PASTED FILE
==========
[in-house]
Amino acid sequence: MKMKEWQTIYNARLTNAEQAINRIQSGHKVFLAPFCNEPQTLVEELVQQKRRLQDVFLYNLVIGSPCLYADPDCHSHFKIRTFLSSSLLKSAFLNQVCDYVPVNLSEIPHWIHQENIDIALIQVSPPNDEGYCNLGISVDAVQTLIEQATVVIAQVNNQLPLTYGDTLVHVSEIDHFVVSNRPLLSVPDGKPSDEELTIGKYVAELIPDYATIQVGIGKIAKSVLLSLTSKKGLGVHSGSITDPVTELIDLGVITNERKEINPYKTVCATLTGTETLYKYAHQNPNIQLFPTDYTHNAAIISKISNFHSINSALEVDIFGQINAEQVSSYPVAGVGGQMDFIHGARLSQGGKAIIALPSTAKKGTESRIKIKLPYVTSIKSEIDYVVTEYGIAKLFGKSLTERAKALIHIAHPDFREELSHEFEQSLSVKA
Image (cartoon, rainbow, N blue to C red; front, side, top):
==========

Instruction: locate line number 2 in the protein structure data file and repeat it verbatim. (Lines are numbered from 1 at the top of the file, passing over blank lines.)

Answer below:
Amino acid sequence: MKMKEWQTIYNARLTNAEQAINRIQSGHKVFLAPFCNEPQTLVEELVQQKRRLQDVFLYNLVIGSPCLYADPDCHSHFKIRTFLSSSLLKSAFLNQVCDYVPVNLSEIPHWIHQENIDIALIQVSPPNDEGYCNLGISVDAVQTLIEQATVVIAQVNNQLPLTYGDTLVHVSEIDHFVVSNRPLLSVPDGKPSDEELTIGKYVAELIPDYATIQVGIGKIAKSVLLSLTSKKGLGVHSGSITDPVTELIDLGVITNERKEINPYKTVCATLTGTETLYKYAHQNPNIQLFPTDYTHNAAIISKISNFHSINSALEVDIFGQINAEQVSSYPVAGVGGQMDFIHGARLSQGGKAIIALPSTAKKGTESRIKIKLPYVTSIKSEIDYVVTEYGIAKLFGKSLTERAKALIHIAHPDFREELSHEFEQSLSVKA